Update: so yes, I realise you hate GLib and can’t install it on your server. Debugging it was sufficiently annoying, though, for me not to be willing to put up with the sorry excuse for string handling of plain C. And I don’t think it will be very useful without handling POST anyway. I will probably fix that later on, but I don’t have the time now.

Update 2: I rewrote it not to require GLib. It’s slightly slower than before, but not much, and it’s good enough for me. POST non-handling still needs fixing though. You can grab the updated version from the same place.


29 Oct 2007 (updated 5 Dec 2007 at 20:48 UTC) »
Everything you (never) wanted to know about C++

Ladies and gentlemen, the C++ FQA Lite!

If you hate C++, you’ll have a great time reading this brilliant and amusing rant that rings just so true. Occasionally you’ll weep when it rings a little bit too true, invoking painful memories.

If you love C++, it’s a big flaming rant, but written with technical competence that easily shadows everything else out there that’s been written on the subject. You can’t claim any knowledge of C++ without having read it. And chances are that it’ll make you not love that sin against all good and just before it’s too late. Just think about it, the author is still trapped inside the warped world of C++, dealing with errors that have defeated everyone else on his team. The FQA is really a desperate cry from inside the asylum for you to stop while you still can. Think about it, you’ll be endlessly happier if you do.

If you don’t care about C++… Well, lucky you. But if you know someone who likes C++ more than they should (that is to say, at all), consider doing them a favour and pointing them to the FQA. Friends don’t let friends use C++.


28 Jan 2007 (updated 28 Jan 2007 at 15:22 UTC) »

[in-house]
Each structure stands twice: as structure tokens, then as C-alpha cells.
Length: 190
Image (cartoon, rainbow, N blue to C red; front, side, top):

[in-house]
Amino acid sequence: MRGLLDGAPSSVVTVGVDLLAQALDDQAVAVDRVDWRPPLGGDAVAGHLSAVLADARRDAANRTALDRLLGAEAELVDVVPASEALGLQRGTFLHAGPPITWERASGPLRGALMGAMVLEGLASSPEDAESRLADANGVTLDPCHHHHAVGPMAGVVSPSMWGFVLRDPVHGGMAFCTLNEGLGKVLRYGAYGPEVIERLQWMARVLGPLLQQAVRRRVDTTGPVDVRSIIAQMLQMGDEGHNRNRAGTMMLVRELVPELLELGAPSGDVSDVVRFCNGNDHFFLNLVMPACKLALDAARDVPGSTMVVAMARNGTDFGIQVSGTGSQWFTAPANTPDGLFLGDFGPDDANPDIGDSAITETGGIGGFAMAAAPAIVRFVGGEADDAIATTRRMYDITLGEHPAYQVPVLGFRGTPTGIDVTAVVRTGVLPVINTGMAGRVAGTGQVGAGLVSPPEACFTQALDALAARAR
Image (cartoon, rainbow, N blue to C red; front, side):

Im in ur specs, synergistically leveragin ur award-winnin opportunities

Quiz time: Guess what it is about?

The Hardware Start Button, (…), is designed to be an attractive and discoverable actuator for launching the new Start menu and search experiences in the Windows Vista family of operating systems. The Hardware Start Button creates and deepens affinity between physical hardware and the Windows Vista user experience while complementing the brand platforms and product design languages of hardware manufacturers.

If you guessed "the Windows key" (found on just about every keyboard manufactured after 1996), then you're right. And this ridiculous paragraph is the intro to a spec detailing such exciting aspects as what paint to use, or how polished the key surface can be.

 More gems:

<u>What’s new in Version 1.01?</u>

Conventional Keycap Design Requirements (page 7)A matte finish with a consistent texture of MT11000 or equivalent may be used on the Hardware Start Button dome and chamfer instead of an SPI A2 gloss finish for an indefinite period of time, not until December 31, 2007 as the Version 1.0 specification stated.

The Hero Start Button functions as a Start Button just like the other implementations in this specification. It is not required and is provided as an option for keyboard manufactures that want to take advantage of its more dramatic look.

And what is this "more dramatic look"?

Larger size, clear dome, and full-color printing and placement on the keyboard. The Hero Start Button uses a lens insert and is placed directly below the space bar.

If you feel brave, read for yourself.

In other news, OpenOffice.org is a steaming pile of shit that leverages every fucking opportunity to fucking crash every fucking minute and present you with a completely useless and retarded recovery dialogue even though I never changed a single character in that document.